May 20, 1862: Lincoln Signs The Homestead Act

When it comes to the Lincoln Administration, our attention is naturally focused on the Civil War.  It is easy as a result to lose sight of the numerous other government actions and initiatives of that administration that were not directly related to fighting that conflict.  The Homestead Act was not a war measure, but it would have had difficulty getting through Congress except for the Civil War.  Since the Mexican War there had been a strong movement in the North for Congress to pass legislation granting federal land in the West to settlers who would occupy and improve it.  Southern slaveholders, seeing that such legislation would quickly lead to many new free states in the West, blocked such legislation from 1848 to the onset of the War.  This conflict over public lands in the West dramatically increased the furor over slavery.  The Free Soil Party, one of the ancestor parties of the Republican Party, was founded in 1848 in the North precisely over this issue.

Plank 13 in the Republican Party platform of 1860 called for a Homestead act:

13. That we protest against any sale or alienation to others of the Public Lands held by actual settlers, and against any view of the Free Homestead policy which regards the settlers as paupers or suppliants for public bounty; and we demand the passage by Congress of the complete and satisfactory Homestead Measure which has already passed the House.

With the absence of almost all members of Congress from the slaveholding South due to the War, the Homestead Act, authored by Representative Galusha Grow of Pennsylvania, rapidly made its way through Congress in 1862, passing by overwhelming margins in both the Republican dominated House and Senate.

The act was straight-forward:  anyone who was the head of a family, or above twenty-one years of age, and who had not borne arms against the United States, or given aid and comfort to the enemies of the United States, and who was an American citizen or intended to become an American citizen, could file an application for appropriated public lands, up to  160 acres, west of the Mississippi.  The applicant then had to live on the land for five years and give evidence of improvements made on the land during this period.  Assuming this was done, an application for title could then be made for the land.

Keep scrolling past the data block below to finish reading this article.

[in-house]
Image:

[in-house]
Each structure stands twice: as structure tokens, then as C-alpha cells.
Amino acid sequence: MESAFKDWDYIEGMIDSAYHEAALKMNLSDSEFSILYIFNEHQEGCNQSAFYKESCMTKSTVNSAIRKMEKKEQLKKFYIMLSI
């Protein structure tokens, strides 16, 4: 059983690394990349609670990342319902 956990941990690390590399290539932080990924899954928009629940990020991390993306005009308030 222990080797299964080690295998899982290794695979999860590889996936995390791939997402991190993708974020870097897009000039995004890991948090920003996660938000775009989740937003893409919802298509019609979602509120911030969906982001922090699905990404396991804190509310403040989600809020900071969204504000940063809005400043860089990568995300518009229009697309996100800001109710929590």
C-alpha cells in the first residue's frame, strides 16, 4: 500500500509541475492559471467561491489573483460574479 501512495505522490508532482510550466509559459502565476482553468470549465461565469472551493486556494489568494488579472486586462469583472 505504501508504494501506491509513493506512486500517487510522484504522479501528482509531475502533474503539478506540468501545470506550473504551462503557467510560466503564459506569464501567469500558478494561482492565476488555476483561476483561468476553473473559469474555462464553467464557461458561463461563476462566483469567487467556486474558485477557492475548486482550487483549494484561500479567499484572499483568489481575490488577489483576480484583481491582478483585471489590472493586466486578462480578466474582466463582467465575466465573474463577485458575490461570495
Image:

By 1900 approximately 80 million acres of land had been granted to settlers in the West under the terms of the act.  Few campaign promises have been kept more resoundingly than the Republican promise for a Homestead act in 1860.  Here is the text of the Act: 

 

“May 20, 1862 Chapter LXXV – An act to Secure Homesteads to actual Settlers on the Public Domain.
“Be it enacted by the Senate and House of Representatives of the United States of America in Congress assembled, That any person who is the head of a family, or who has arrived at the age of twenty-one years, and is a citizen of the United States, or who shall have filed his declaration of intention to become such, as required by the naturalization laws of the United States, and who has never borne arms against the United States Government or given aid and comfort to its enemies, shall, from and after the first of January, eighteen hundred and sixty-three, be entitled to enter one quarter section or a less quantity of unappropriated public lands, upon which said person may have filed a preemption claim, or which may, at the time the application is made, be subject to preemption at one dollar and twenty-five cents, or less, per acre; or eighty acres or less of such unappropriated lands, at two dollars and fifty cents per acre, to be located in a body, in conformity to the legal subdivisions of the public lands, and after the same shall have been surveyed: Provided, That any person owning and residing on land may, under the provisions of this act, enter other land lying contiguous to his or her said land, which shall not, with the land so already owned and occupied, exceed in the aggregate, one hundred and sixty acres.